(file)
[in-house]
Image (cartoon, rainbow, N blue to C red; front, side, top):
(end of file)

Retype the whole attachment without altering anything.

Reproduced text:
[in-house]
Image (cartoon, rainbow, N blue to C red; front, side, top):